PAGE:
• You may not apply for more than one First Draw PPP Loan so when you apply (if you are eligible) for the Second Draw PPP loan you should consider applying for the maximum amount (Restated any borrower who received a PPP loan in 2020 received a First Draw PPP Loan and is not eligible to receive another First Draw PPP Loan, but may be eligible for a second draw PPP loan). An SBA Procedural Notice on this option has been released
  • If your First Draw PPP is currently under review by the SBA for any reason, including if information in SBA’s possession indicates that the borrower may have been ineligible for the First Draw PPP Loan it received or for the loan amount it received, the lender will receive notification from SBA when the lender submits an application for a guaranty of a Second Draw PPP Loan, and will not receive an SBA loan number until the issue related to the unresolved borrower’s First Draw PPP Loan is resolved.
  • SBA is working to improve the information provided to lenders about the issues and how lenders can help clear issues as expeditiously as possible.
  • You must meet the 25% REDUCTION in Gross Receipts as follows:
  • applicants must demonstrate that gross receipts in any quarter of 2020 were at least 25% lower than the same quarter of 2019.
  • alternatively, applicants may compare annual gross receipts in 2020 with annual gross receipts in 2019
    • Applicants choosing to use annual gross receipts must enter “Annual” in the 2020 Quarter and Reference Quarter fields and, as required documentation, must submit copies of annual tax forms substantiating the annual gross receipts reduction.
  • for entities not in business during the first and second quarters of 2019 but in operation during the third and fourth quarters of 2019, Applicants must demonstrate that gross receipts in any quarter of 2020 were at least 25% lower than either the third or fourth quarters of 2019
  • for entities not in business during the first, second, and third quarters of 2019 but in operation during the fourth quarter of 2019, applicants must demonstrate that gross receipts in any quarter of 2020 were at least 25% lower than the fourth quarter of 2019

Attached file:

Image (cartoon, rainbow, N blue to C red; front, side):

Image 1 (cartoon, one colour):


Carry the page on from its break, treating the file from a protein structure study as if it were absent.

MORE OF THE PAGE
• for entities not in business during 2019 but in operation on February 15, 2020, applicants must demonstrate that gross receipts in the second, third, or fourth quarter of 2020 were at least 25% lower than the first quarter of 2020.
  • For the definition of what is considered Gross receipts see page 4 of the application 2483-SD.
  • Use Application 2483 - SD. READ all fine print so you understand exactly what is required and you are attesting to
  • for loans above $150,000 on the application you must identify the 2020 quarter meeting this requirement, identify the reference quarter, and state the gross receipts amounts for both quarters, as well as provide supporting documentation.
  • for loans of $150,000 and below, these fields are not required and you only must certify that the business has met the 25% gross receipts reduction at the time of application; however, upon or before seeking loan forgiveness (or upon SBA request) you must provide documentation that identifies the 2020 quarter meeting this requirement, identifies the reference quarter, states the gross receipts amounts for both quarters, and supports the amounts provided.
  • SBA detailed guidance has been issued for computing the amount of your Second Draw PPP Loan based on the type of business entity you are. This document also includes the documentation requirements needed to report the 25% revenue reduction. We strongly suggest that you review this document before you submit your application and/or before you begin working with your Accountant/CPA or your bank. Look for the exact entity that describes your situation

PPP Loan Forgiveness

Currently, there are three applications for forgiveness. However, it is anticipated that new rules and guidance will be forthcoming on the Loan Forgiveness process (potentially including a new application). We continue to suggest that businesses who have reached the end of their 2020 PPP wait until the full guidance has been received by the banks from the SBA. Remember that a business STILL has 10 months from the end of their covered period (8 or 24 weeks from the date they received the loan money) so there is more than enough time to wait for the full guidance and rules so that maximum forgiveness is possible.

It is crucial that whichever Forgiveness Application is relevant to your business that you carefully read both the APPLICATION and the matching INSTRUCTIONS for borrowers. The instructions contain all of the supporting documentation requirements that must be submitted with your application to the bank.

We recommend that you review the links below and discuss the forgiveness application with your lender.

PPP Links:

To locate lenders in Vermont, click here

US Treasury PPP Guidance

SBA Small Business Debt Relief and SBA Express Bridge Pilot Program

One step every business should take is to talk to their current lenders regarding the potential for current debt term modifications during this crisis. That includes any SBA loans you have through your local lender. The SBA Debt Relief Program provides immediate relief to small businesses with non-disaster SBA loans, including 7(a), 504, and microloans. Under the program, SBA will cover six months of loan payments on these SBA loans, including principal, interest, and fees. This relief will also be available to new borrowers who take out non-disaster loans (not the EIDL or PPP) within six months of March 27, 2020.